A day in the life of ElaN translator Ambre Nulph-Forêt
An accurate translation succeeds or fails based on the translator’s knowledge. This is why ElaN Languages has an international network of 2,000 qualified translators who are ready to assist you. What’s the added value here? Every translation is revised. And this is where our team of 16 in-house translators/revisers comes in.
One of them is Ambre Nulph-Forêt, an English translator and reviser. We had a talk with Ambre about the finer points of translation and the challenges she faces every day. “Translating’s a touch of copywriting combined with a healthy dose of spelling and grammar expertise.”
What’s your average working day like?
“The day always starts with a giant mug of coffee. Then I’ll check my emails, and organise my to-do list based on the translations and revisions the project managers assigned to me. I plan my day around the deadlines, and then dive right in. Just to give you an idea, an ElaN Languages reviser proofreads between 10,000 and 12,000 words a day. In-house translations are usually between 2,000 and 2,500 words a day. This volume guarantees that we can send a translation back to the client that is practically perfect in every way."
What’s the best part of your job?
“My strength lies in translation. And when you’re good at something, it makes it more enjoyable to do. I love creating fluent, readable translations. This requires a lot of concentration, but the end result is well worth it. This is why it’s so great that I can work from the peace and comfort of my own home. I have pretty good working relationships with my colleagues, too, even if most of that is via emails and Skype. Everybody is really helpful and understanding.”
Good translation and revision is more than just stringing words together in another language. I feel like it’s ‘juggling with language’.
“I totally agree! It’s a balancing act: the translation has to be fluent in every sense of the word. It can’t sound like a translation at all, but rather like it was originally written in that language. But you can’t stray too far from the source either. To be able to do this properly, you must have an excellent understanding of the source and target languages. In short, translating’s a touch of copywriting combined with a healthy dose of spelling and grammar expertise.”
Most of the translators we work with use CAT tools and translation memories. Do you find these useful too?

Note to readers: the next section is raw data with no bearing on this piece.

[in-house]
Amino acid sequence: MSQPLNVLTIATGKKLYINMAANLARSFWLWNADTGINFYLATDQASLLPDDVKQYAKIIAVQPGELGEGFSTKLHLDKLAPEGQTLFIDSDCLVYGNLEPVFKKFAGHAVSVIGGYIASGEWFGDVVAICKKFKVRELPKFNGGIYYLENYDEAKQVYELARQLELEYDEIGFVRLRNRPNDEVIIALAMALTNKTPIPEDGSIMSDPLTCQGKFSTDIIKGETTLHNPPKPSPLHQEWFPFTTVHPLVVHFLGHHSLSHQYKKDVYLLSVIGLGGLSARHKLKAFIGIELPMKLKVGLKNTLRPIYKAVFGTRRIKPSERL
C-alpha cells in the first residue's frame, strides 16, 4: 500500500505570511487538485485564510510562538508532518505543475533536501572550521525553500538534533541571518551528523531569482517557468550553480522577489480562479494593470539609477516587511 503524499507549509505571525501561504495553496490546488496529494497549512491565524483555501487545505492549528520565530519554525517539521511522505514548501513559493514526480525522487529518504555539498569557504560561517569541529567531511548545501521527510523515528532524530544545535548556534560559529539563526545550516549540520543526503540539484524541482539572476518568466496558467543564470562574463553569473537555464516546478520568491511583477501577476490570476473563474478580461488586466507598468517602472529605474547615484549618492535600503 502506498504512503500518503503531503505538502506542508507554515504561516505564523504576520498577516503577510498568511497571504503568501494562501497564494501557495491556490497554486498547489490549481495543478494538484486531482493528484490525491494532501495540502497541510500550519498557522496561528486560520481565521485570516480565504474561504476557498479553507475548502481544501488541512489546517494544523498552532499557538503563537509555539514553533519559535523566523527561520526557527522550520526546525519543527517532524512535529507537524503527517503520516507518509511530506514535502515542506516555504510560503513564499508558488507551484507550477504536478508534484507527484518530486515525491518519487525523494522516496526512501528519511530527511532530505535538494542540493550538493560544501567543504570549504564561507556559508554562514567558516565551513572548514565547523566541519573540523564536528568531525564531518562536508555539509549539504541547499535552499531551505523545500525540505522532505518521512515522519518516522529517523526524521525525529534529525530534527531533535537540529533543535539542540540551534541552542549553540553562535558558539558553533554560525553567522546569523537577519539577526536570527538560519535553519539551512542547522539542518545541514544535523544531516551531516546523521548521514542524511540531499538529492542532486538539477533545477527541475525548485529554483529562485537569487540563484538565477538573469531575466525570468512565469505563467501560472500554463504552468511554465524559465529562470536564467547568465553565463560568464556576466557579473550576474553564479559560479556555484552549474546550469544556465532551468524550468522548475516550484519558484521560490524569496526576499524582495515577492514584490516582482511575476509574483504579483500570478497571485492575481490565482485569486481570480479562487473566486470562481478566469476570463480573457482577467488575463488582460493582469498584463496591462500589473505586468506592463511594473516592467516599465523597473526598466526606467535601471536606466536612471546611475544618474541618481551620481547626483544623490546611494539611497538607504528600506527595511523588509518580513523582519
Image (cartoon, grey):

“CAT tools and translation memories are indispensable for me. I save a lot of time when I’m translating because it automatically inserts perfect matches and repetitions. It’s also great for consistency because I can use the concordance function to double-check how I translated something in the past. I often remember things I’ve already translated, and so I use the translation memory to confirm what’s in my own memory.”
Do you get along well with your colleagues and the project managers?
“Like I mentioned, I’ve managed to build up pretty good relationships with a lot of my colleagues. We go out for lunch together whenever I get the chance. I chat a lot with my colleagues Tim and Anja about more than just the right way to say something, or the right word to use for a specific kind of text, etc. ElaN also offers a lot of fun teambuilding opportunities and the ElaN Café is a great way for everyone to head into the weekend, relaxing over drinks, chatting, and getting to know each other a little better.”
How do you respond to client feedback?
“It’s always great to get compliments from a client. But if there’s negative feedback, my initial reaction is usually: ‘Oh no they didn’t!’ I can be pretty impetuous and I’m more than a bit of a perfectionist. :) But then I take a step back and really look at the client’s comments. I then try to explain why I translated something the way I did. A lot of the times, it comes down to semantics and personal preference. When I do make a mistake, it’s difficult to admit it (because who really wants to admit they aren’t perfect, right? ;)). But the starting point for the entire team of translators and revisers is always the same. We learn the lessons that are there, and pass these along to whoever might benefit from it, and then it’s archived internally. And this is where ElaN’s added value lies in comparison to other translation agencies. We make sure to take this feedback into account for all future translations, in order to make them more consistent.”
Finally, translators are language lovers with a keen eye for grammar and spelling mistakes. Some people might even call them grammar Nazis. Do you consider yourself as a grammar Nazi?
“Oh, I’m a total grammar Nazi! I don’t consciously look for mistakes though; they just sort of stand out. I generally try to refrain from correcting people on the internet because it’s like trying to herd cats - useless. What drives me the craziest is coming across spelling/grammar mistakes in books by really well-known, prolific authors. I mean, honestly, they should have just come to ElaN first!”